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NREL - National Renewable Energy Laboratory
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Modeling of Cooling Technologies Improves Performance

Thermal modeling image of spray cooling of inverter chip surface shows the liquid breaking up into fine droplets that impinge on the liquid wall, which enhances the spacial uniformity of heat removal.

Modeling Cooling Technologies—Spray Cooling

The NREL advanced power electronics team is modeling cooling technologies that would enhance performance of the inverters and motors in hybrid-electric and fuel cell vehicles. The team is modeling two-phase spray cooling, jet impingement, and mini- and micro-channel cooling, and has successfully used Fluent software to show a good comparison between numerical models and published experimental data. Currently, the team is conducting modeling to simulate real life conditions such as those that occur in an inverter. These enabling technologies will be able to remove in excess of 200 W/cm2 of heat flux and maintain the surface temperatures at preferred design levels of 125°C.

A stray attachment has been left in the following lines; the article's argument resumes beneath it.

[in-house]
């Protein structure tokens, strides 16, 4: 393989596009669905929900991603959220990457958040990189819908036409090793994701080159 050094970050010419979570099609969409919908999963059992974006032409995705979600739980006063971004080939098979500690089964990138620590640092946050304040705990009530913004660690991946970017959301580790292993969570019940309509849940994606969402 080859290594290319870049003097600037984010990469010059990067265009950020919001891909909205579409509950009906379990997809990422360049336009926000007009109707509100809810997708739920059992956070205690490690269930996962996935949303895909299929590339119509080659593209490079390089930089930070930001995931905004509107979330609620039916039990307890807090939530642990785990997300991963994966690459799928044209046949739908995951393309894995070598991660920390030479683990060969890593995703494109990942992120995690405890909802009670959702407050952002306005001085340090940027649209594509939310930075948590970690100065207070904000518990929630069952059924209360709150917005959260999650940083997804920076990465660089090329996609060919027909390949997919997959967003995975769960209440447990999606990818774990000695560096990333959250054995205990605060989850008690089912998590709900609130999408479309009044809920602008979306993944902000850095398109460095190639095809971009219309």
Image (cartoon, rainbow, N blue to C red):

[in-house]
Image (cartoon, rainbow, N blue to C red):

Researchers are integrating emerging power electronic technologies to manage and control high-power components, which will provide rapid, bi-directional energy flow to improve performance and lower costs. See the Thermal Management page.